***Weekly Wildlife Thread - Mar 31 - Apr 6***
A few years ago there was a small flock of parrots that resided up here in the Footies but thanks to the crows chasing 'em off, these little guys were largely absent from the area. Imagine my surprise while I was out birding this morning and these red crowned beauties decided to put in an appearance....hopefully they'll be around for awhile!
Also saw the usual assortment of avians out for their breakfast...all in all a pleasant way to spend the early hours of the day:
The overcast and cold weather here is horrible.
Nevertheless I got some nice shots.
Within the next weeks everything should blossom then and I desparately hope the sun will be back then and give me wonderful images.
All shot handheld with Sigma 150-500, developed RAW and colors and brightness improved, cropped and reduced to 50% of size. No additional sharpening applied.
Have fun and sun,
This are from a ride in a catamaran in the island of St. Maarten, dutch side...some are with the blown sky cause it was raining, but others, just minutes between them, are with great sky colors, go figure the weather...
Father time, I beat you!
Or more specifically from the comfort of my house as it is still freezing here with Easter... :S
70-400g on a77 with 11mm double glazing to keep me warm (how's that for a horrid filter pretty sure all UV is gone...)
The German name is "Rotkehlchen".
These are 1:1 pixel crops.
Given the conditions, I am extremely happy with these.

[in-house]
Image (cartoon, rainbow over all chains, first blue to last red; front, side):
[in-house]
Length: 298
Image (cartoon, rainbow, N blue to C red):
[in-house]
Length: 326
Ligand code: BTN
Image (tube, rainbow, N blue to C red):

Look to the exposure time...
Shot with Sigma 150-500, Monopod and Stabilizer of the Sigma Lens "on".
have fun and sun,
Very cool catching all those pairs. I snagged pairs of Blue-winged Teals and Ringed-neck Ducks this week. The Teals were a new bird for me
I'm still a noobie and am wondering on something like the mallard shot, what's the physical distance from your subject? Is it cropped to fill the image? If so how are u maintaining sharpness? I have an a57 with the Sony 55-300 and working on getting some sharp wildlife images. Thanks!
Not the best shot but it was fun watching the hawk's capture.
retirement isn't all its cracked-up to be,,,,,,,,,,,,its better
The Mallard - very lucky. I'm getting too old to track BIF accurately.
It was only maybe 30 feet away. The key on this shot was being ready with the right settings. I was watching a pair in a creek. I knew if they flew, I would have to use spot AF because the background was going to be trees and apartments - isn't it always that way? If you think the background will be clear (like blue sky), use wide area AF - much easier. With Mallards, just before they fly, they start a fairly rapid set of quacks, so their jump will be predictable. You can pre-focus, choose your zoom level and settings before they fly.
Almost forgot - it is about 60- 70% of the frame. And, lucky me, it wasn't centered well. Not sure how the focus came out as well as it did.